February 14, 2017
As part of their class exercises, students enrolled in Dr. Peter Szok’s “Cultural Contact Zones: Native American Art and Politics” course are organizing an exhibition of works by the Panamanian painter Alejo Deleon (1955-). The exhibition opens at the Fort Worth Community Arts Center on March 3 and runs through March 29. Community members are invited to join students from the organizing class on Gallery Night, March 25, to view the exhibition. All are welcome.
Deleon belongs to the Guna (formerly Kuna) community, one of Panama’s eight Native American ethnicities, and a group widely known for a 1925 rebellion which stemmed from the abuses of national authorities and which led to the establishment of one of Latin America’s most successful autonomous indigenous regions (Guna Yala). Guna Yala comprises a 232-mile land strip, along the eastern Caribbean coast, where the majority of the population lives on offshore islands and uses the mainland for hunting and agriculture. The Guna are also city people. Today roughly half of their 80,000 members find themselves in other parts of the republic, primarily in Colón and Panama City.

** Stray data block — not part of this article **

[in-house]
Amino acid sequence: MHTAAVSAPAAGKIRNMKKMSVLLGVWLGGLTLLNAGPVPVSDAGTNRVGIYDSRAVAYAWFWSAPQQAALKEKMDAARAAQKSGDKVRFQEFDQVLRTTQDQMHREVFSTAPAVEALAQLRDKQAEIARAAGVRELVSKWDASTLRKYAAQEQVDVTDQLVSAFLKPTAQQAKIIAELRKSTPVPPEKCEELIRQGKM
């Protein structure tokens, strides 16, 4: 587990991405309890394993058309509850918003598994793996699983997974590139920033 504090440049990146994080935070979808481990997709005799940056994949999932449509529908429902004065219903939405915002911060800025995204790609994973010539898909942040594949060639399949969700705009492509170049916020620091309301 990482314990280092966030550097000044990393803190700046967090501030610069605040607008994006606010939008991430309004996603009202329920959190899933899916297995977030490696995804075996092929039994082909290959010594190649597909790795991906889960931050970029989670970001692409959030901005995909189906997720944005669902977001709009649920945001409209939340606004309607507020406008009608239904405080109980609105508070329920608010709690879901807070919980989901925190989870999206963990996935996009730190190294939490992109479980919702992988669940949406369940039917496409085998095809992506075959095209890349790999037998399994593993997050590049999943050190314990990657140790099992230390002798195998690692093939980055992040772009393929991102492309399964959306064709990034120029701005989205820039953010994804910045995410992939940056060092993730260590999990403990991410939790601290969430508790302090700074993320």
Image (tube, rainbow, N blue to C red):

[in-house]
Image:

Deleon was born and raised in Usdup, located in the central-eastern part of the comarca and one of the largest Guna settlements. Usdup was a flashpoint of the Dule Revolution (1925) and boasts a proud lineage of poets, musicians, filmmakers, and photographers. It is also the home of Nele Kantule (1868-1944), a towering figure in Guna history, who collaborated with Swedish anthropologist Erland Nordenskiöld (1877-1932) in the writing of several path-breaking ethnographies. Deleon continues to live in Usdup and sells his canvases from his thatched-roof studio to the occasional visitors passing in sailboats on their way to Colombia. Deleon is also the village painter and decorates its walls for important celebrations. His creations draw heavily on Guna aesthetics, evident in the reverse applique panels (molas) which women design and sew onto their blouses. Weddings, puberty ceremonies, daily activities, and funerals are some of Alejo’s favorite topics, as are the heroic narrations of Ibeler, a central figure in the Guna foundational story. Through the organization of the exhibition, students gain a greater understanding of the Guna, including their interactions with the outside world.